Robins, cardinals and other songbirds may be the most popular choices for state birds, but here are five birds of a different feather who do their states proud.
The roadrunner is the state bird of New Mexico. It can run up to fifteen miles-per-hour in its pursuit of tarantulas, scorpions and other "treats." Native Americans believed the roadrunner protected against evil spirits.
Perhaps the most beautiful of all chickens, this hearty and friendly breed is the state bird of Rhode Island. Its moniker "red" is derived from its rust-colored plumage. The breed was developed in Rhode Island and neighboring Massachusetts.
A game bird native to North America, the ruffed grouse is the state bird of Pennsylvania. Sometimes it is mistakenly called a partridge. The male ruffed grouse is known for the "drumming" sound he makes with his tail feathers. This bird thrives in cold, snowy locales.
The cactus wren is the largest of the North American wrens and is the state bird of Arizona. Cactus wrens commonly build their nests in holes in a saguaro cactus. As a desert-dwelling bird, the cactus wren gets most of its water from the insects it catches.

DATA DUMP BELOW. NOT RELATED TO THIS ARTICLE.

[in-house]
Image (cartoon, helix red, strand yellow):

Louisiana claims the brown pelican as its state bird. The brown pelican is known for its ability to swoop down from the sky to catch its prey, fish, in open waters. The brown pelican with its distinctive beak and large wing span only hunts for food in the ocean and not in inland lakes or rivers.
Very informational. I love the rode runner but did not know they where a state bird.
Interesting list, didn't know of these being state birds. Thanks!
Facinating list. I learned about different birds from your well presented article.thank you.
Great educational list!
Very interesting list about State birds, :)
Wonderfully educational list! I didn't know about most of these state birds. Clever choice for a list and, as always, entertaining to read.
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